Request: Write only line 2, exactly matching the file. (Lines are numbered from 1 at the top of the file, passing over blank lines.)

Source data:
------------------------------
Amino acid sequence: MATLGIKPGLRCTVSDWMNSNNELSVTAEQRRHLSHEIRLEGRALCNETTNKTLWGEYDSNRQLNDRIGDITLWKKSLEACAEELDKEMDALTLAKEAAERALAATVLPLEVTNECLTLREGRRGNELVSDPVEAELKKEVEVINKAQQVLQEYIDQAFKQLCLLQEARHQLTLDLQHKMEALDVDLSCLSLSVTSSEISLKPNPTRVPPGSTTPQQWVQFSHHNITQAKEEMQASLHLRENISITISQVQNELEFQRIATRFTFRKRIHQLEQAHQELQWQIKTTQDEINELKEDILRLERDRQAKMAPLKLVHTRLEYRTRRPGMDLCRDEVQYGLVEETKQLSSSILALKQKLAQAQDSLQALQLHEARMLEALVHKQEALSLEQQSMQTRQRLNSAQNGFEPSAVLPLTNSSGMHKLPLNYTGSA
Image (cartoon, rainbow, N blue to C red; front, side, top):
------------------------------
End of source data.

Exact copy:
Image (cartoon, rainbow, N blue to C red; front, side, top):